Technical professionals with excellent skills and attention to detail are often offered the opportunity to become managers.
We know feedback within a company is important. But how much do you know about building a feedback-rich culture? How can your company put practical, helpful measures in place to ensure feedback is delivered continually, and that it is well-received?
Despite the desire to avoid change, in a fast-paced world, there are constant influences outside your organization that can affect its direction.
Teammates get distracted constantly by the barrage of noise around them – and that means they do not pay as much attention to YOUR emails, conversations, texts, or smoke signals. So, if you want to get and keep their attention you NEED to take note of these 2 unexpected suggestions to improve your impact.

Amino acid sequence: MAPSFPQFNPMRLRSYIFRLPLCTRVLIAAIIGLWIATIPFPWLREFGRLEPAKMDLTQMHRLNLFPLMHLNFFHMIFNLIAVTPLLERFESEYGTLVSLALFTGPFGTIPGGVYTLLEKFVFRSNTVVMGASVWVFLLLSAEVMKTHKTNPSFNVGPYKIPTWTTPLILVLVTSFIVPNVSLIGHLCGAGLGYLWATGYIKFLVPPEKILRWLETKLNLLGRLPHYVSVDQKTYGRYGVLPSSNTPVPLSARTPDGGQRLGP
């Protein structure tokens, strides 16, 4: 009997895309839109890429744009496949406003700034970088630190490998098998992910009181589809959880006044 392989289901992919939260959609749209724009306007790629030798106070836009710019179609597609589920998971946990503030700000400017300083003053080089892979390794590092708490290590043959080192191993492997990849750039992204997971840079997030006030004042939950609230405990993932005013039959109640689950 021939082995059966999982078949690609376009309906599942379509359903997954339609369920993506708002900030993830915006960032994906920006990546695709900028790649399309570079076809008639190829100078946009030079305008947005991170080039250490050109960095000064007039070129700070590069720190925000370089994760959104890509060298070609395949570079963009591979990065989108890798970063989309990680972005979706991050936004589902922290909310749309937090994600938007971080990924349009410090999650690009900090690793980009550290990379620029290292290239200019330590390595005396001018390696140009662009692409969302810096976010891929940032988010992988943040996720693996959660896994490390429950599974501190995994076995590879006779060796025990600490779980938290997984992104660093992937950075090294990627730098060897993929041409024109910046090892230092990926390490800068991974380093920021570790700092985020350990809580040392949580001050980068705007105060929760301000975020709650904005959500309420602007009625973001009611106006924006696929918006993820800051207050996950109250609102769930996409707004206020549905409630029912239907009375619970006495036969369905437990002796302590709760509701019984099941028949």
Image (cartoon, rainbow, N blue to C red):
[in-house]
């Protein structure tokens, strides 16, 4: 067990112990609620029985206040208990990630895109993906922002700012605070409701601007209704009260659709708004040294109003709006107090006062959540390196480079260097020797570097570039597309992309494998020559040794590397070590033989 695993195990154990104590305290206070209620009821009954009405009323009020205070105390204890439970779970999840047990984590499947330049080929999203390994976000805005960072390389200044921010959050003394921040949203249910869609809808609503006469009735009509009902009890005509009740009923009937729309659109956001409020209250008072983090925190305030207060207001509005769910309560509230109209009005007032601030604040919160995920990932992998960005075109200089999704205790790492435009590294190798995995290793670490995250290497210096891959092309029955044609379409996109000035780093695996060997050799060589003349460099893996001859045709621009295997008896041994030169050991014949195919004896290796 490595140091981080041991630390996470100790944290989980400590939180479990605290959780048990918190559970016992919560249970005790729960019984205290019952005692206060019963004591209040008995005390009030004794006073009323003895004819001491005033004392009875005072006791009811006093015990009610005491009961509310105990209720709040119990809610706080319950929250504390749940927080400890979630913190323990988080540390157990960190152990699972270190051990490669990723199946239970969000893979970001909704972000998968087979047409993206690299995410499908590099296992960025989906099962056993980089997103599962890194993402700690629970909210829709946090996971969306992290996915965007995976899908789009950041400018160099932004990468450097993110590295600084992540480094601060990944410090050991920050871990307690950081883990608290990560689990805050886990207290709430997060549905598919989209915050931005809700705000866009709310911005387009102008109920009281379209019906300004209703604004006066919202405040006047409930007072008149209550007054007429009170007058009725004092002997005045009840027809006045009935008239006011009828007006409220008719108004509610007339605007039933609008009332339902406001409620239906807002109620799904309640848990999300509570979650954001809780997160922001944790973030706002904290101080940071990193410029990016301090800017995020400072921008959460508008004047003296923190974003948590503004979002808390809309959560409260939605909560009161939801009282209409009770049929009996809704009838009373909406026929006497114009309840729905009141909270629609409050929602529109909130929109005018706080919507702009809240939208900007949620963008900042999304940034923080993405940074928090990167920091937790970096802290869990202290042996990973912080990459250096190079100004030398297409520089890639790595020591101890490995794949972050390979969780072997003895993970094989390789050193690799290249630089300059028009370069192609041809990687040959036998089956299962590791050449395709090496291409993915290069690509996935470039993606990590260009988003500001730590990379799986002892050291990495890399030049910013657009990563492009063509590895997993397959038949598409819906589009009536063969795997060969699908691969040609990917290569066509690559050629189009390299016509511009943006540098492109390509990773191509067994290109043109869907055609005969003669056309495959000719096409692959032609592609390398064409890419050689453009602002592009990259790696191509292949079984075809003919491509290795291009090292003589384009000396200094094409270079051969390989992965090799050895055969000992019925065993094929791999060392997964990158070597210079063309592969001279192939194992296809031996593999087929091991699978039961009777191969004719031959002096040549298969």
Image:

In the majority of the personal development material I’ve studied, the emphasis on clarity comes back again and again.
When people spend their courage reserves just getting past the bad stuff, there’s no energy left for the courage your business needs most—creative problem solving and micro-innovation.
I am writing this because I want to encourage other leaders to allow these moments of vulnerability in their organizations and hope that other teams will be open to sharing their truth as our team did.
If you are taking responsibility for team results, you have to begin by taking the initiative to look further down the path your team is on.
As a leader (and most people are leaders in one way or another) you lead by a set of principles that you may not have thought through intentionally.
What’s the most effective change initiative you’ve experienced in your career? What did leaders do to engage, inform, and involve you?